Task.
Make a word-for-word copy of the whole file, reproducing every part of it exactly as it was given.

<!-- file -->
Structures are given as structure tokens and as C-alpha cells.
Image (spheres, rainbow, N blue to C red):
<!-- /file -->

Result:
Structures are given as structure tokens and as C-alpha cells.
Image (spheres, rainbow, N blue to C red):